8. When a clay is overfired, I would say it becomes “overvitrified”, meaning a greater percentage of the claybody ingredients have been pulled in to the glaze melt (ie, turned in to glass) than originally intended by the claybody designer. Under these conditions the clay body becomes more dense, not less. Porosity goes down even further, approaching zero. Some clay body ingredients which are well-behaved at the designated firing temperature may begin to off-gas at overly high temperatures. With the now very glassy body melt in full swing, filling every available pore, these new bubbles cannot escape from inside the body, hence small bloats begin the occur, which can be seen on the surface of the clay body. Since the glassy part of the clay body has low viscosity (is very fluid) at those higher-than-intended temperatures, and as more and more glass is being created inside the body as heat work continues, the the whole clay body becomes “structurally compromised”. The ratio of glassy phase to solid phase (ie, remaining unmelted identifiable particles of original clay body ingredients, such as grains of silica) in the clay body becomes so great that the pot begins to succumb to the forces of gravity. The shape of the pot begins to change on its own. Making problems you thought you had masked or repaired re-appear (, thick/thin throwing problems). Rims of wide bowls lose the perfect roundness they had off right the wheel. Carefully applied handles on thinly thrown mugs begin to sag down, changing the shape of the mug rim. Slight imperfections in the shape of the kiln shelf underneath the pot begin to change its shape as the pot melts down to conform to the kiln shelf unevenness. Keep going like this and eventually it is all a molten mass stuck to the kiln shelf like those cone 10 earthenware disasters we always see pictures of. Devitrification (ie, “de-glassing”) is actually glaze ingredients re-crystallising (rather than remaining in an amorphous glassy state) after having been melted at some point. Often this happens from slow cooling (deliberate or accidental), but is a fairly complex topic on its own. What kinds of crystals form is highly dependent on the nature and amounts of the original clay body ingredients and what intermediate molecular forms they take. Usually we think of glazes devtrifying (eg, clear glazes getting cloudy) rather than clay bodys, which routinely have lots of crystal phase within and amongst the glassy phase. Eg, Mullite and Cristobalite are both commonly found crystal structures in clay bodies.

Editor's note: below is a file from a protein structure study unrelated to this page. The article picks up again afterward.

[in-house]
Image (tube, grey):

9. I seem to recall that clayworks and walkers may have carried a few dry powder clays in the past, but only their more expensive ones, and possiblymcasting slip. Check their websites. But I agree with Liam that premixed clay is the way to go. Unless you have wet mixing tanks and a filter press handy, you will be hard-pressed to get consistency, plasticity, etc on par without a lot of small batch wedging. Casting slip is a bit different since it stays wet, but for throwing clay just leave it to the pros and buy premixed.